Minnesota voter group files lawsuit to block mask mandate at polling places

A group of Minnesota voters filed a federal lawsuit against state and local leaders, including Governor Tim Walz, over concerns the statewide mask mandate creates a legal conflict that will cause them to break the law when voting in-person.

According to the lawsuit filed Tuesday, the Minnesota Voters Alliance is calling for the court to grant a temporary restraining order over the mask mandate.

The lawsuit points to a Minnesota statute that makes it illegal to conceal one's identity in public by wearing a mask. The penalty is a misdemeanor. One of the exemptions for the statute, though, is for "medical treatment". The mask mandate was issued in response to the COVID-19 pandemic, as health officials say wearing a mask is a way to help prevent the spread of the virus. The lawsuit, however, argues the mask mandate does not fit "the common understanding of a 'medical treatment' to satisfy the exemption."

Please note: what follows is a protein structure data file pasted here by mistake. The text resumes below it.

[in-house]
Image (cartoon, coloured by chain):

The lawsuit claims this statute and the mask mandate conflict with one another and voters could be criminally prosecuted for both wearing and not wearing a mask when they vote in-person at a polling place.

Minnesota Secretary of State Steve Simon is also being sued in the lawsuit. While his office did not want to comment amid pending litigation, officials shared the protocol regarding masks at polling places on Election Day. Poll workers will advise voters of the mandate and offer disposable masks. If a voter does not want to wear one, they will still be allowed to vote. They will be encouraged to use curbside voting, which is most often used by voters who have mobility concerns. If the voter does not want to do curbside voting, they will still be allowed to vote, but they will be recorded as being in violation of the mask mandate.